Europe's largest democracy is now confident enough to lift most restrictions on businesses and schools.
Germany was a leader in the West in taking on the coronavirus pandemic, and then a leader in the calibrated restarting of public life. On Wednesday, Chancellor Angela Merkel had a hopeful message for the nation: The experiment was working.
The infection numbers, Merkel announced, were not just stable but lower than those reported two weeks ago. "We have reached the goal of slowing the spread of the virus, of protecting our health care system from being overwhelmed," the chancellor said at a news conference.
Germany, she said, was now in a position to reopen most aspects of its economy and society. "We can afford a little audacity," Merkel said.
• Covid-19 coronavirus: Two new cases, one death in last 24 hours - Jacinda Ardern and Ashley Bloomfield update
• Covid 19 coronavirus: Antibody that blocks infection discovered
• Covid 19 coronavirus: What you need to know about Tuesday's big developments
• Covid 19 coronavirus: How Australia's businesses are preparing to leave their lockdown
It was good news not only for Germany, but countries eager for a sign that life can continue with the virus. Coming on a day when the European Union announced that the economies sharing the euro would face a deep recession this year, it also raised hopes that success in Germany might help blunt the downturn.
Germany's progress demonstrated that a combination of cautious, science-led political leadership and a regime of widespread testing, tracing and social distancing could allow countries to manage a controlled reopening.
But it was also a stark reminder of the differences in other Western countries.
In the United States, some states have tried restarting but faced chaos and disputes with Washington, while cases and deaths are still rising.
Spain, which currently has the highest number of cases in Europe, has abandoned the idea of sending children back to school until September. In neighboring France, President Emmanuel Macron may lift stay-at-home orders Monday, but cafes and bars will remain closed.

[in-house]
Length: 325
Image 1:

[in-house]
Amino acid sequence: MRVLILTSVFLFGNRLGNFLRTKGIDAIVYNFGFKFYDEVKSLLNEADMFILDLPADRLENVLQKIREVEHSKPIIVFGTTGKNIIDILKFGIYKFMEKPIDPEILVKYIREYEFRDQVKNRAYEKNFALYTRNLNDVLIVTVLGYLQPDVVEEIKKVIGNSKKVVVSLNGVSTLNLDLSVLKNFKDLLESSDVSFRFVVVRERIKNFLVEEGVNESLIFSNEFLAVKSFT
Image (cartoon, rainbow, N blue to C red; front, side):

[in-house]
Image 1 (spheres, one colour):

Germany shut down early and has been systematically testing its way back to some semblance of normality. That is not to say that life with the virus will look anything like before.
Face masks, already mandatory in shops and public transport across Germany, are fast becoming the new normal, seen everywhere from street protests to shop-window mannequins.
Socialising, even at restaurants and bars allowed to reopen, will be limited to two households, 6 feet apart.
Still, Merkel on Wednesday restored many freedoms shelved for the best part of two months.
All shops will be allowed to reopen. Restaurants and hotels can resume in time for two long holiday weekends at the end of May.
All schoolchildren will see a classroom again before the summer holidays. Day care centers will start taking children next week, focusing on families most in need. Residents in nursing and care homes can receive visits from one person.
And crucially in this nation of soccer fans: The Bundesliga, Germany's professional league, will play again — albeit in empty stadiums.
Merkel struck a characteristically sober tone Wednesday, warning that the freedoms could be quickly squandered by irresponsible behavior.
"We can say today that the first phase of the pandemic is behind us," the chancellor said. "But we have to be aware that we are still in the beginning of the pandemic and that we will have to deal with this virus for a long time."
Details of how and when to lift individual restrictions on everything from cinemas and tattoo parlours to brothels is now up to the governors of Germany's 16 states.
Whether the chancellor can maintain the political climate of unity that did much to underpin the trust citizens have in the government's handling of the pandemic remains uncertain.
"The whole federal republic," Merkel stressed Wednesday, after meeting with state governors over video conference, "is built on trust."